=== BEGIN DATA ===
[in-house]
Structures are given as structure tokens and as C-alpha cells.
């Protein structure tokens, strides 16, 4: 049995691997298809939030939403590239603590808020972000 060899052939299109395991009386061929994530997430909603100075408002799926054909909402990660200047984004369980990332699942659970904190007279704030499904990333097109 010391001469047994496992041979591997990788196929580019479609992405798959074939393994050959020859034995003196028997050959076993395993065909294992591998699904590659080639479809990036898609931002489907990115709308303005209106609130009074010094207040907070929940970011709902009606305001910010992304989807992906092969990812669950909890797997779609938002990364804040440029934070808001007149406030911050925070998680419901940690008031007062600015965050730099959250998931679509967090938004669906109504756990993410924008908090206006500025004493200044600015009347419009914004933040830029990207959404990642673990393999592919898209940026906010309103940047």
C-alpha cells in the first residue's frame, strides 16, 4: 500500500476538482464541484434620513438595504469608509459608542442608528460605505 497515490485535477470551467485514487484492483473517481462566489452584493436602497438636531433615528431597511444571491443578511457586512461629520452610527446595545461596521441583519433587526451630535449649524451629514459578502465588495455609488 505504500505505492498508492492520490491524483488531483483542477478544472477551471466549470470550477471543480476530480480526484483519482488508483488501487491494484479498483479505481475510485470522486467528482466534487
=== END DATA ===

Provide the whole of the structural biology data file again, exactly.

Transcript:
[in-house]
Structures are given as structure tokens and as C-alpha cells.
């Protein structure tokens, strides 16, 4: 049995691997298809939030939403590239603590808020972000 060899052939299109395991009386061929994530997430909603100075408002799926054909909402990660200047984004369980990332699942659970904190007279704030499904990333097109 010391001469047994496992041979591997990788196929580019479609992405798959074939393994050959020859034995003196028997050959076993395993065909294992591998699904590659080639479809990036898609931002489907990115709308303005209106609130009074010094207040907070929940970011709902009606305001910010992304989807992906092969990812669950909890797997779609938002990364804040440029934070808001007149406030911050925070998680419901940690008031007062600015965050730099959250998931679509967090938004669906109504756990993410924008908090206006500025004493200044600015009347419009914004933040830029990207959404990642673990393999592919898209940026906010309103940047």
C-alpha cells in the first residue's frame, strides 16, 4: 500500500476538482464541484434620513438595504469608509459608542442608528460605505 497515490485535477470551467485514487484492483473517481462566489452584493436602497438636531433615528431597511444571491443578511457586512461629520452610527446595545461596521441583519433587526451630535449649524451629514459578502465588495455609488 505504500505505492498508492492520490491524483488531483483542477478544472477551471466549470470550477471543480476530480480526484483519482488508483488501487491494484479498483479505481475510485470522486467528482466534487